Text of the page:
Valuation

  • 2002 - AAA - Fair Valuation of Insurance Liabilities: Principles and Methods - American Academy of Actuaries
  • 2003 - SOA - Statutory Valuation Interest Rates for Life
    Insurance and Annuity Products - [PDF-2p]
  • 2021 - NAIC - NAIC Valuation Manual
  • Prior to· the end of the nineteenth century it had been necessary for all companies to use the method of valuation of policies then provided by law on what was known as the net level premium plan.
    • Under this plan it was extremely difficult to organize and develop new companies and there has been very few new life insurance companies organized prior thereto.
  • Beginning with the twentieth century a number of the Western states provided by law for the valuation of policies of companies upon what was known as the preliminary term or modified preliminary term basis, and it was these laws that permitted the organization and rapid growth of many companies throughout the Western and Southern states, as shown by the growth of companies on the schedules attached hereto, marked Exhibit "A". (p168)

1940-0, NAIC Proceedings

Valuations Committee

  • In 1907, following the Armstrong investigation and as a result of the panic of that year, the N.A.I.C. adopted a resolution to set the stage to obtain uniformity in valuing securities. Up to 1909, New York and Massachusetts, at their own expense, had prepared valuation lists which were used by other states. In that year, the Valuations Cormnittee of the N.A.I.C. hired its own expert to prepare its list. He was the first salaried staff employee of the N.A.I.C. Later the work vas done by professional organizations for a fee; concerns like Moodys and Poor's were employed, with various state insurance departments contributing to the payment of this expense.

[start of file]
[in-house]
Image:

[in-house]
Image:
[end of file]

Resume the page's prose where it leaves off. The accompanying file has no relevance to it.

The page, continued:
• Several times over the years, the N.A.I.C., through its Valuations Committee, has taken steps to adjust values in times of national economic stress or emergency.
  • As stated above, this was done during the panic of 1907. It was undertaken again during the market demoralization of 1914 and again in 1917. As a result of the stock market crash of 1929, the N.A.I.C. adopted so-called convention values in 1931. "Thus, upon at least four different occasions, the N.A.I.C., by realistic and timely action, became a potent factor in protecting the public against insolvency. (p11-12)

1958 - Insurance Regulation in the Public Interest "A BETTER N.A.I.C." - Robert E. Dineen - 122p